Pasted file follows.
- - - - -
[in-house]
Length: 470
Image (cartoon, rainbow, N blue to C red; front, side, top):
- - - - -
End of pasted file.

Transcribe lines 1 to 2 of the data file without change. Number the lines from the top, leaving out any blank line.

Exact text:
[in-house]
Length: 470